Given that it is 2016, I would have thought the issues surrounding the provision of privilege logs during discovery would have been long settled. I once participated in a litigation matter that had a privilege log with tens of thousands of documents listed on it that was created by hand. Needless to say, I would have loved to have had even a partially automated process available to use. I can’t remember a case where a Privilege Log was not part of the eDiscovery process. In fact, so routine is the creation and delivery of privilege logs that Cavo eD built an automated Privilege Log creation feature to make the process even easier for our users.
Apparently I was wrong. In David Mizer Enters. v. Nexstar Broad., Inc. (C.D.Ill. Aug. 31, 2016, No. 14-cv-2192) 2016 U.S. Dist. LEXIS 117076, the defendant claimed that pursuant to Federal Rule of Civil Procedure Rule 26(b)(5)(A)(ii), they were not required to provide a privilege log. Compliance with the Rule requires a party that withholds information based on privilege, must describe the information they are not producing in enough detail to assess the validity of the privilege, while not actually revealing the information. Privilege logs traditionally set forth the information with enough specificity (a summary of the key identifying information) and the specific grounds for asserting the privilege. While Rule 26 does not specifically refer to a “privilege log”, compliance with the Rule has traditionally been through the submission of a privilege log.
Twice the defendant was ordered by the court to produce a privilege log for the information that was withheld. The privilege log should “be kept if there are any documents withheld on the basis of attorney client privilege and made the same rule with respect to the Request for Production 4, with the exception of communication between the existing counsel and the Defendant”.
Instead of following the courts order, the Defendant instead transmitted to the Plaintiff a series of redacted emails containing the date of the email, sender and receiver of the email and the Re: line contents. Upon review of this information, the court determined that it was impossible to tell whether the redacted emails contained sufficient information for the Plaintiff to assess the validity of the privilege claim. Quoting Hobley v. Burge, 433 F.3d 946, 947 (7th Cir. 2006), the court said that the privilege log should specifically state the privilege which is being asserted for each document.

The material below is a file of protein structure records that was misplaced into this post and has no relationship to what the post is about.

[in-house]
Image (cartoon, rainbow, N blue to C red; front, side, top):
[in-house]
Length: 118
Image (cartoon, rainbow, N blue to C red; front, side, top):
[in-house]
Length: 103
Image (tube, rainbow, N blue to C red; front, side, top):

The court then said that a privilege log must be produced within 21 days that contains the following information listed for each document that is withheld on the basis of attorney client privilege or attorney work product privilege (excepting communication with counsel of record:
1) The privilege asserted;
2) A general description of the document by type (e.g. letter, memorandum, report);
3) The date of the document;
4) A general of the subject matter of the document;
5) The name and job title of the author or originator of the document; and,
6) The name of the person who received a copy of the document and their affiliation with the Defendant.
While Privilege Logs are not a sexy part of lawyering, in fact they remain the best way to withhold information that should be withheld. Logs work to provide both sides with guarantees that rules are being followed and clients are being served. Having said that, they can be boring to create and execute. That is why Cavo eD has baked a Privilege Log Report system into the platform that can be easily created using proper document privilege tags designed before a review begins and then quickly reviewed before they are produced in an automated report. Being in compliance has never been easier.